The first thing to do is to call your phone company. Different phone companies have different policies on whether you should call the phone company or the police first. Some phone companies may ask you to call the phone company's local office and explain the problem. Other phone companies may require that you to file a formal complaint with local police before they will deal with the matter. You should contact your local phone company and find out what their policy is in matters of harassing calls. If the threats are serious and your life or property is threatened or if the obscene phone calls are very frequent then you should call your local police immediately and file a report and provide all details and  information. You should also note down dates and times of calls and  if the caller sounded male or female and describe his/her voice. If caller said anything or if there was any background noise then note down what the caller said and other details on the background noise. If any phone number was displayed on your caller ID you should note that down too.

What does it mean when sometimes my phone rings and there is no one on the line?

Often when you receive frequent hang ups on your phone line it could be that someone is checking to see if you are home or its simply harassment. It could also be calls from telemarketers who use computers for "predictive dialing" to call consumers where the computer dials many phone numbers in a short period of time. When anyone answers, the computer finds a sales representative who is not occupied at that time and connects the call. If all sales reps are busy then consumer may hear only silence. These type of calls are called "abandoned calls." If you are receiving many abandoned calls in a day, you can call the annoyance department of your local phone company. If these repeated calls are from a malicious individual who is harassing you rather than a telemarketer, the phone company will generally report the number to law enforcement.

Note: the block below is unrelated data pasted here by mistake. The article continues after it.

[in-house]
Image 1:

What options do I have to stop other kinds of unwanted calls?

To avoid unwanted calls you can use many services offered by your phone company. Call Screen (*60): Your phone can be programmed to reject calls from selected numbers with a service called Call Screen (Phone companies might use different names). Instead of ringing on your line, these calls are routed to a recording that tells the caller you will not take the call. With Call Screen, you can also program your telephone to reject calls from the number of last person who called. This allows you to block calls even if you do not know the phone number. Most phone companies charge a monthly fee for this service.  However Call Screen is not a foolproof way to stop unwelcome calls. A determined caller can move to a different phone number to bypass the block. Also, Call Screen does not work on long distance calls from outside your service area. You can also use Priority Ringing: You can assign a special ring to calls from up to 10 numbers calls you are most likely to want to answer. The rest can be routed to voice mail. There are ways callers can get around Priority Ringing when it is used as a screening tool. Harasser can switch phone lines and avoid the distinctive ring. You can try Call Return (*69): This service allows you to call back the number of last person who called, even if you are unable to answer the phone. Some people suggest that Call Return can be used to stop harassing callers by allowing you to call the harasser back without knowing their phone number. Use caution with this method of discouraging harassing callers, however, as it could actually aggravate the problem. This service is paid on a per-use basis. You can use Caller ID to identify the caller if they are not blocking their number or use a service offered by most phone companies called Privacy Manager. It works with Caller ID to identify incoming calls that have no telephone numbers. Calls identified as "anonymous," unavailable," out of area" or "private" must identify themselves in order to complete the call. Before your phone rings, a recorded message instructs the caller to unblock the call, enter a code number (like inbound call blocking devices mentioned above), or record their name. When your phone rings, you can choose to accept or reject the call, send it to voice mail, or send a special message to telemarketers instructing them to put you on their "do not call" list.

Phone Area Codes in USA:

Due to number portability and VOIP phones the old system of classifying area codes by phone numbers is not always valid anymore. However wired landline numbers are assigned area codes according to the following geography. Phone area codes are the first three digits of any phone number in USA.